When I decided to be a stay at home mom, I had a vision of playing together and making irreplaceable memories. However, it wasn’t soon after that I realized that the memories I was giving her were far from ideal. I was too tired and preoccupied to enjoy our time together. It felt like a lose-lose situation for both us. Something had to change.
Like with most things, less is more. Too much exposure to anything can make you jaded. For example, if you eat ice cream every day, it probably won’t feel like a treat anymore. I was spending so much time with my daughter that it no longer felt special. I didn’t feel the need to give her my undivided attention because I knew I had “unlimited” time with her.
I realized what I needed was structure and limits. If I had a limited amount of time with my daughter, I would value it more while teaching her an invaluable skill: independent play. It would also give me the time to get my daily tasks done so I didn’t feel the need to constantly be multi-tasking. So how did I do it?
It wasn’t easy, and it wasn’t quick, but it was worth it. This is what I learned.
Design your day
Start by writing all your errands and tasks, including the inconsequential ones like loading and unloading the dishwasher. Once you have them written down, group them by location. For example, doing the dishes and prepping breakfast, dinner, and lunch can all be done quicker because they’re all done in the kitchen.
When you are a stay at home mom, the to-do list can seem daunting. Grouping your tasks helps reduce the quantity of work you have to do. It also ensures that you are working in the most effective way possible. Ideally, you should have no more than three “groups” of tasks.
You can’t expect your child to magically play by themselves. To motivate them to play independently it needs to be appealing. I suggest making highly motivating activities or toys available only during independent play. My daughter loves a stomping floor piano, so it only comes out during independent play time. Switch out the toys available during independent play – remember, less time with something keeps you from getting jaded.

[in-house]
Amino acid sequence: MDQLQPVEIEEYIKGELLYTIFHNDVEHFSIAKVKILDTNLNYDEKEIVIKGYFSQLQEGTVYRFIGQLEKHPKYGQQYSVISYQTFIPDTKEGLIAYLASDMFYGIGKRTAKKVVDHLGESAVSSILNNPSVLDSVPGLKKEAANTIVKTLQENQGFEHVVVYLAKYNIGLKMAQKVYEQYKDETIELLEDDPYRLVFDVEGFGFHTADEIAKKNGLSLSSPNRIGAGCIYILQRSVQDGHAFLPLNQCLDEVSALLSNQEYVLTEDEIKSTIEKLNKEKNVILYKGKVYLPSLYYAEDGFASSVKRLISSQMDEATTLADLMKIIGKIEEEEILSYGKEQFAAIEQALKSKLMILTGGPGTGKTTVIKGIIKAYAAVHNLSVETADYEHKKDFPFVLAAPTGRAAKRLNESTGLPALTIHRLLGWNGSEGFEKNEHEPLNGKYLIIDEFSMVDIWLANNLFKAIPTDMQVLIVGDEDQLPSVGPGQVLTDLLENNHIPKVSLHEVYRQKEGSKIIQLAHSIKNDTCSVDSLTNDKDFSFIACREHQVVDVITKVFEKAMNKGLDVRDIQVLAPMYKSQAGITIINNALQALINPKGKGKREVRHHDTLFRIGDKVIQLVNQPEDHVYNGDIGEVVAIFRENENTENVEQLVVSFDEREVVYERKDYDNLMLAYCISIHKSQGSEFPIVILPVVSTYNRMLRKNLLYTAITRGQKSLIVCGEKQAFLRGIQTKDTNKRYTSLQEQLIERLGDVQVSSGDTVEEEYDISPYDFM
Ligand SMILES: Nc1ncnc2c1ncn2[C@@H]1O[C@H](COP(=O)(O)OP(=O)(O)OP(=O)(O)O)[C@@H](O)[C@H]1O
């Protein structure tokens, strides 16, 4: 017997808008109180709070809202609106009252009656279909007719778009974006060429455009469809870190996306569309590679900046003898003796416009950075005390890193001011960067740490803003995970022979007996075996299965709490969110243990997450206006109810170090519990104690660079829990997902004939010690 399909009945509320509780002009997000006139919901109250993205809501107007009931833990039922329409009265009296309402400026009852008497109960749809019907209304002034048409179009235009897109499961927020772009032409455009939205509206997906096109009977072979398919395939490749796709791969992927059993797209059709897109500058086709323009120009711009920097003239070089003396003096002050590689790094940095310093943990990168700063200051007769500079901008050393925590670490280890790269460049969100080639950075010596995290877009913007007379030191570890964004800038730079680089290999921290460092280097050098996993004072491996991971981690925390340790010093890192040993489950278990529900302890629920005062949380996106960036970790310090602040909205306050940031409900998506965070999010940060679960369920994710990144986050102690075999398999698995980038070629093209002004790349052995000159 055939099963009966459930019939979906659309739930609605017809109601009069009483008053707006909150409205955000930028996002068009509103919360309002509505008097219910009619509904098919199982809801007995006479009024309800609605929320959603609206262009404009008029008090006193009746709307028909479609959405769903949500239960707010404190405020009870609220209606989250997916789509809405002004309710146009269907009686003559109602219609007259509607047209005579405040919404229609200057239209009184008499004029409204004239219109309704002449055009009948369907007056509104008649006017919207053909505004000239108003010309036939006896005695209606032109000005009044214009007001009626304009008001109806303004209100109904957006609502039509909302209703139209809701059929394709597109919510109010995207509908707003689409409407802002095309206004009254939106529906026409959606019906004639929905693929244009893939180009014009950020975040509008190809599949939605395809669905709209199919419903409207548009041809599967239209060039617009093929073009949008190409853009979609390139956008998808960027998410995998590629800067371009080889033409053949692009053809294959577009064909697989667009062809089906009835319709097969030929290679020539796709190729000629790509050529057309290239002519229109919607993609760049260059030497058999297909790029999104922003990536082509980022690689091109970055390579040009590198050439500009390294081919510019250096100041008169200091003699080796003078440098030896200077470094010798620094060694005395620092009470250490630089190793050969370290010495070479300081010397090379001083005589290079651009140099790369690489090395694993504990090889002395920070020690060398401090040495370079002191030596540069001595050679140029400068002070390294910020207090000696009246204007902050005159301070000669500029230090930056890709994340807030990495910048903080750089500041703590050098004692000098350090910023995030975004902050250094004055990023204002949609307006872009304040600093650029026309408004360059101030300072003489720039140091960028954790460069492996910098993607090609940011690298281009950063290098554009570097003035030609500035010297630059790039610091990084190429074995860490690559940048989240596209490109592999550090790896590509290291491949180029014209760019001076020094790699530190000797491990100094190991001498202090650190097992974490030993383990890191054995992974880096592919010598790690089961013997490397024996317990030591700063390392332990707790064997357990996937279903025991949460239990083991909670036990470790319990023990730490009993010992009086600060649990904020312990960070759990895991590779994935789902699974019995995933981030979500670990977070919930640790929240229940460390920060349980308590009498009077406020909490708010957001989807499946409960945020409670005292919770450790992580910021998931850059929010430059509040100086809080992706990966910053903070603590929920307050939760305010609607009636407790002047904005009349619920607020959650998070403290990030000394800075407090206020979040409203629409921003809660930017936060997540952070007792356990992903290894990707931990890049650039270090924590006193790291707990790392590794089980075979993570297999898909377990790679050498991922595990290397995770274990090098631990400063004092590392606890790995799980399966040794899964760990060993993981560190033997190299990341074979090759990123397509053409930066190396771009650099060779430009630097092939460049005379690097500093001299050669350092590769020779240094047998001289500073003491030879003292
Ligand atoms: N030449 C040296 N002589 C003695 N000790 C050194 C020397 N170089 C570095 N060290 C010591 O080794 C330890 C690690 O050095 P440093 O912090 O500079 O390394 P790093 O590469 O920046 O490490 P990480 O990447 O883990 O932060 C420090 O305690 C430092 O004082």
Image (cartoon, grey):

Keep in mind that your child has the attention span of, well, a child. Therefore, make sure that you not only leave them with enough activities, but also for the right amount of time. Start small; schedule away 15 mins of independent play at the beginning and work yourself way up to more time.
My daughter has a hard time understanding the concept of time because it is so abstract. Using timers made the concept of time more concrete, which helped her understand and anticipate independent play. When we began I used a visual timer, but I now simply use my phone as a timer.
I also used a visual schedule so she knew what to expect out of our day. We would go over it at the start of the day and with each transition visit it again to see what was going to happen next. After about 2 weeks of being consistent with it, I didn’t need to use the visual schedule and we could simply talk about it.
Self-care can look different to different people. As an introvert, to me, self-care is watching a 30 minute show. On the other hand, some of my friends who are extroverts say self-care is having an uninterrupted phone call, or checking in on social media. Whatever self-care is, make sure to schedule that in small doses throughout the day. Because a happy mama will raise happy kids.
The key to being a sane and happy stay-at-home mom is structure. By having time limits to each part of your day, you and your child can both look forward to the time you have together. It is important to make sure that you are happy being home since children tend to mimic our feelings. If you are tired and preoccupied, your child will pick up on that. A lot of times children act out for attention. It’s important to make sure the attention we give is positive attention, not negative attention.
How do you stay sane as a stay at home mom? How does your day look?